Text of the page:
Whole Genome Scan for Obstructive Sleep Apnea and Obesity in African-American Families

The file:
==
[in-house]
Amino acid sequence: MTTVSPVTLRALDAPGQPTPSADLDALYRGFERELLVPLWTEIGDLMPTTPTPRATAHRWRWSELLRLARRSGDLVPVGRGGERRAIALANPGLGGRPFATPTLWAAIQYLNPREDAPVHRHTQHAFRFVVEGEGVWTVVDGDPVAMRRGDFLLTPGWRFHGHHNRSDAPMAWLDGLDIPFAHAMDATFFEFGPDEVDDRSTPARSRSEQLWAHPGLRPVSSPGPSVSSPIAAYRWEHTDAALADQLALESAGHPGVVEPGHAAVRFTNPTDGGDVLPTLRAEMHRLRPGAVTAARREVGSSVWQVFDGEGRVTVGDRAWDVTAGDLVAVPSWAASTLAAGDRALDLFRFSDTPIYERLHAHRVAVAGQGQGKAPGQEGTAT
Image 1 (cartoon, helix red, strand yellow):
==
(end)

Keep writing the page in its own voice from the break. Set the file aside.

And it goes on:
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Obstructive sleep apnea (OSA) is a common, chronic disease associated with obesity. OSA and obesity are both prevalent in African Americans, who are also at increased risk for secondary complications. To identify susceptibility loci for OSA, we undertook a 9-centimorgans genome scan in 59 African-American pedigrees ascertained on the basis of either an affected individual with laboratory-confirmed disease or a proband who was a neighborhood control subject. Variance component linkage analysis was performed for the quantitative phenotypes apnea–hypopnea index (AHI) and body mass index. A candidate region on chromosome 8q (logarithm of odds [LOD] = 1.29, p = 0.006) gave the only evidence for linkage to the AHI. Body mass index was linked to multiple regions, most significantly to markers on chromosome 4q (LOD = 2.63, p = 0.0006) and 8q (LOD = 2.56, p = 0.0007). Evidence of linkage to the AHI was only slightly reduced after adjustment for body mass index. After adjustment for the AHI, some of the primary linkages to body mass index were greatly reduced whereas others remained suggestive. Our results suggest that there are both shared and unshared genetic factors underlying susceptibility to OSA and obesity, and that the genetic determinants of obesity in this population may be modulated by apnea severity.

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